Preparing for an Interview in Music at Oxford University
An interview in Music at Oxford University will invariably involve the following: a short performance on an instrument of your choice, and a forty-minute interview. The interview itself is often, although admittedly not always, configured in the following way: the first half is spent examining a passage from an academic text that you will have been given to peruse beforehand, and in the second half, you will be given an extract from a score to discuss with the interviewer. The passage will most likely pertain to issues surrounding musicology, while the score extract will often be missing information related to provenance, such as the composer’s name, the year it was composed, and perhaps even the title of the piece. Both the choice of the passage and the score extract are entirely at the interviewer’s discretion; that is to say, both can largely be from any writer, any composer.
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This of course begs the question, how can I possibly prepare for such an interview, when the subject matter is so broad? It is perhaps important to first examine what it is that tutors in Oxford are looking for (in music or any humanities subject for that matter). Primarily, they are interested in seeing how you think, and how you deal with unfamiliar information. And they are also looking for a broader interest in your subject, one that goes beyond the A-Level syllabus. As such, they do not expect you to have an intimate knowledge of academic literature, nor be able to recognize the entire back catalogue of obscure composers. Rather, they would simply like to see you engage with what they have put before you in a way that demonstrates interest, capability and potential. For example, while you may not be able to identify the exact composer of the score extract, the phrase lengths and harmony might indicate the era from which the piece is drawn, and you might then be able to suggest a reasonable composer to whom the piece may belong. More often than not, you will be entirely wrong (as I was), but if you have engaged with the piece, and explained your thought process in a logical and cogent manner, then you will have still impressed. The same is true of the passage from an academic text. You may not be familiar, for example, with Eric Clarke’s take on the impact of recording upon listening, but that does not deny you the possibility of considering the argument he has put before you and thinking about the issue for yourself.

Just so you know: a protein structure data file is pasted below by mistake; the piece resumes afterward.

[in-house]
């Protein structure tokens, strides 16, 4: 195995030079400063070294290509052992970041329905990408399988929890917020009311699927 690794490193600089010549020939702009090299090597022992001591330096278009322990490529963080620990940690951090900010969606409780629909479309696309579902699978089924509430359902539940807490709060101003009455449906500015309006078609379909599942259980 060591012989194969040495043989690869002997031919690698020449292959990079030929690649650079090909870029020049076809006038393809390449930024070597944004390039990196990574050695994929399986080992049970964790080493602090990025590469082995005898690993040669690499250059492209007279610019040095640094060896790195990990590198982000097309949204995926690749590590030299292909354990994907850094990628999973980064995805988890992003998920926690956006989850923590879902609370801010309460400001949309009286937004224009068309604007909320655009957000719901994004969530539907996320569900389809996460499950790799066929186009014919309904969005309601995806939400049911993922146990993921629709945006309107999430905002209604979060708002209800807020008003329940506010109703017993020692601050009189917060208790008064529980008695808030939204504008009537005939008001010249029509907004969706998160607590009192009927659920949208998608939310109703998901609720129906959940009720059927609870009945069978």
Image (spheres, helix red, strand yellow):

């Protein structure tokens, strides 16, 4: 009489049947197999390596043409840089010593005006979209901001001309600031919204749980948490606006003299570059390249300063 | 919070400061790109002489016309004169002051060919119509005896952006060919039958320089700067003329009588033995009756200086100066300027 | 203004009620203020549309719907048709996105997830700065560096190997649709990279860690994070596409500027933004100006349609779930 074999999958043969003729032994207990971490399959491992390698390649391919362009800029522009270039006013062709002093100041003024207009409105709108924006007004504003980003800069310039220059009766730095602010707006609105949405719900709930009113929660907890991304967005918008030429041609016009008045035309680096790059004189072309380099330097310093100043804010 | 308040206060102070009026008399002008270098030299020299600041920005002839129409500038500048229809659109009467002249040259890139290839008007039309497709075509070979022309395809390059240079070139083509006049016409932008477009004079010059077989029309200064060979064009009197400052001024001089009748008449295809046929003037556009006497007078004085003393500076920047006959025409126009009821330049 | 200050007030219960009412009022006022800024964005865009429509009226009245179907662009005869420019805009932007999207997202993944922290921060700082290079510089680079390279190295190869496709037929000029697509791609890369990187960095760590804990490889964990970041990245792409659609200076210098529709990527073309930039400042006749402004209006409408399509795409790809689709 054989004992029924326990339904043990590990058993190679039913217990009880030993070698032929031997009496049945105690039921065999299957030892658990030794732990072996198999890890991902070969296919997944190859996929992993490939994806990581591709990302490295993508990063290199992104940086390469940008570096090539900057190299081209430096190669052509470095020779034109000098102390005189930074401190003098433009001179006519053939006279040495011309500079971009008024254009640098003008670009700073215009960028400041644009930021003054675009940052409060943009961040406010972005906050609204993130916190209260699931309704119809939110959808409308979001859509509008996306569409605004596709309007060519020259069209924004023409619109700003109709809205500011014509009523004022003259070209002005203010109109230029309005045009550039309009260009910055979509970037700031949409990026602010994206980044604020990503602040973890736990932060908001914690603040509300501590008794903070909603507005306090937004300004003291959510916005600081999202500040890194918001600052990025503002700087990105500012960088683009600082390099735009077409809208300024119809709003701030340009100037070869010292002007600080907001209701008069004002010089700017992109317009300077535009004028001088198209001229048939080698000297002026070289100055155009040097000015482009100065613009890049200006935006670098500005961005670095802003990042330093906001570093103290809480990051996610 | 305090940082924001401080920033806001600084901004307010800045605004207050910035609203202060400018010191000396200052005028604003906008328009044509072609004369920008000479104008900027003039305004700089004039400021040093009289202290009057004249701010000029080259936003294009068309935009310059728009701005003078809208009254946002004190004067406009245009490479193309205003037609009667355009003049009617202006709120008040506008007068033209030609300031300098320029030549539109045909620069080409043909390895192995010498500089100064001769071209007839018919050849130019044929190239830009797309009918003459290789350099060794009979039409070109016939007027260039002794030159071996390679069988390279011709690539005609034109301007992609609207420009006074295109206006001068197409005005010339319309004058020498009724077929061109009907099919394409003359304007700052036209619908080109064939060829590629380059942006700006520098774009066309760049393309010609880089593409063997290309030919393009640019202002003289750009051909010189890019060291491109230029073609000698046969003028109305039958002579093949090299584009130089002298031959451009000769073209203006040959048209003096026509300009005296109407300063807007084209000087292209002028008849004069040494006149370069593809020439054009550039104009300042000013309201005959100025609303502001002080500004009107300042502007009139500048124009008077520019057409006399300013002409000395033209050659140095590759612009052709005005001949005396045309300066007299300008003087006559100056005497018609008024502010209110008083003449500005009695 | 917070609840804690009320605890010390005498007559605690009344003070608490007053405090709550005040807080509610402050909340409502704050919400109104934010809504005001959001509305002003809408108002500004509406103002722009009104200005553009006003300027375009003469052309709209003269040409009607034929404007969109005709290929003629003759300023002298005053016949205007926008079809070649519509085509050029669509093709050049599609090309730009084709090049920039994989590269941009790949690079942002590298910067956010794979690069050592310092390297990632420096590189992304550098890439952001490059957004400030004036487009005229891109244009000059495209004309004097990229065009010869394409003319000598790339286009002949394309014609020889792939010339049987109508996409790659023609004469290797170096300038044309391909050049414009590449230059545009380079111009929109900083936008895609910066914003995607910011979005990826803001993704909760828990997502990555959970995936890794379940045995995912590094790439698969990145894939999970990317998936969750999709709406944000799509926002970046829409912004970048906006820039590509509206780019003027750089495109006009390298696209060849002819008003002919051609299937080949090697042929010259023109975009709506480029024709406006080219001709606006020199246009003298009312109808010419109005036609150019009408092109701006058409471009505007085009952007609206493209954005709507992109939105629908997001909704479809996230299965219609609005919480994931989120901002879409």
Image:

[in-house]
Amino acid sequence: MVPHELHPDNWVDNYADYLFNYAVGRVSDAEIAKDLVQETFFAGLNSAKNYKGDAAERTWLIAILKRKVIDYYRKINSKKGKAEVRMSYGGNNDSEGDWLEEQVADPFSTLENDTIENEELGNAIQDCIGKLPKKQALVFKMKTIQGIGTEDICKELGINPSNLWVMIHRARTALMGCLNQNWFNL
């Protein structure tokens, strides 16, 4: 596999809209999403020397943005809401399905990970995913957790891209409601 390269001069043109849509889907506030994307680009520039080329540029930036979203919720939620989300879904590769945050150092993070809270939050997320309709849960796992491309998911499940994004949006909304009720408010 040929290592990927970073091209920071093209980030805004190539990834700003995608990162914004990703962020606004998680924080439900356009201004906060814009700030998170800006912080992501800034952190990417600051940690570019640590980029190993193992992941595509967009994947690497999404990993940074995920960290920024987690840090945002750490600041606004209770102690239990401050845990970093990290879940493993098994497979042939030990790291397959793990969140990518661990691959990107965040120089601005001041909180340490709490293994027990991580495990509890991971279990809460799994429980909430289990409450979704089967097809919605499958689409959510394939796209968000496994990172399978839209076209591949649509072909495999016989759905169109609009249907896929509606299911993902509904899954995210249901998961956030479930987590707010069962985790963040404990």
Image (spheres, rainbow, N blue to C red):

Perhaps then, the greatest advice that can be given for an Oxford interview is to dismiss the possibility of knowing exactly what lies within. Rather, enjoy your subject, read and listen.
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